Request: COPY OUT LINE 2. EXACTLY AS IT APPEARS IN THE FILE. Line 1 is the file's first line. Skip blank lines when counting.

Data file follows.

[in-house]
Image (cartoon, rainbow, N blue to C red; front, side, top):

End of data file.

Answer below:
Image (cartoon, rainbow, N blue to C red; front, side, top):